In essence, quality is all about feedback. The most dependable way to maintain quality and alignment with stakeholder needs is by collecting feedback from these stakeholders and users. Therefore, a team aiming to "build quality" must be prepared to receive — or actively seek — feedback and adjust accordingly.
For instance, following the Think Test-First approach and a left-shifted model, testing can begin once sufficient code is available. Launching testing, receiving feedback, and adjusting accordingly are part of this process.
Due to the significance of feedback and the potential variability in requirements (expectations), integrating Built-in Quality into Waterfall methodology projects seems unlikely. Regular feedback is typically not incorporated in such projects, and defects and issues are often discovered only at the end of the development process.
Conversely, in Agile projects, particularly Scrum, iterative sprints enable continuous evaluation of whether the product still aligns with stakeholders' expectations, allowing scope adjustments if needed. Within the Agile framework, quality is also solidified through team agreements on the "definition of ready" and "definition of done." These lists of requirements help determine when a task can be started and when it can be considered complete. For instance, the “definition of ready” might include creating scripts for acceptance testing, while the “definition of done” might involve code reviews to ensure compliance with quality standards.
Understanding these concepts encourages us to shift our focus from merely moving tickets to the "Done" column to evaluating the product in terms of how well it meets the requirements and needs of all stakeholders. Of course, every project and industry comes with unique requirements and constraints so Built-in Quality practices may need adaptation based on specific conditions. For instance, small projects with limited functionality may not support Behavior-Driven Development (BDD) implementation.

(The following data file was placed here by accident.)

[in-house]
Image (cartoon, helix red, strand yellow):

Time and resources are often constraints in project management. While Built-in Quality is essential, it must be balanced with time, budget, and scope constraints.
For example, implementing Built-in Quality and the Test Driven Development (TDD) approach can lead to an inverted pyramid of testing: numerous unit tests, slightly more integration and End-to-End (E2E) tests, and an increasing number of manual tests as the software grows. This can strain the QA team's time and resources, especially for regression or smoke testing.
The Test Automation Pyramid can help address this challenge, but it also requires a significant time investment to be effective. In short-term or MVP projects with limited budgets, the focus should be on:
- Automating testing for key scenarios rather than attempting to cover all functionality (which can be time-consuming).
- Adopting an iterative approach: Write code, test, gather feedback, adjust, and repeat.
- Leveraging Agile and Lean principles for nimble responses to changes and resource-efficient practices. Tools like kanban boards can aid in organizing work efficiently.
- Promoting a culture where quality isn't just the responsibility of QA but is prioritized by the entire team.
Built-in Quality necessitates collaboration and communication among team members. Without clear communication channels, a transparent and systematic communication culture, and a commitment to prioritizing quality, achieving its benefits may be challenging.
So, What is the Result?
As we can see, all or most elements of Built-in Quality are well-known and likely already practiced. However, combined with the Built-in Quality approach, they provide a fresh perspective on quality assurance and ensure continuous improvement.
Of course, this approach requires patience and a long-term commitment. Built-in Quality should be viewed as a valuable tool rather than a universal solution for all issues, as it has its advantages and disadvantages. The decision to implement it should be made considering your project's specific needs and characteristics. Nevertheless, individual elements of Built-in Quality and its underlying philosophy should be considered.